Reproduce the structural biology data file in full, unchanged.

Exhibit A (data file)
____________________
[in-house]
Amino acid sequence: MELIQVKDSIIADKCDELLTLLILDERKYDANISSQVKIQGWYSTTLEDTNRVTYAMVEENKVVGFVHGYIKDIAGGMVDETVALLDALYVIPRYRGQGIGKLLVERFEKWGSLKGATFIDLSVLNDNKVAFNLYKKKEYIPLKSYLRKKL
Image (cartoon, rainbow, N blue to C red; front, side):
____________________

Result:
[in-house]
Amino acid sequence: MELIQVKDSIIADKCDELLTLLILDERKYDANISSQVKIQGWYSTTLEDTNRVTYAMVEENKVVGFVHGYIKDIAGGMVDETVALLDALYVIPRYRGQGIGKLLVERFEKWGSLKGATFIDLSVLNDNKVAFNLYKKKEYIPLKSYLRKKL
Image (cartoon, rainbow, N blue to C red; front, side):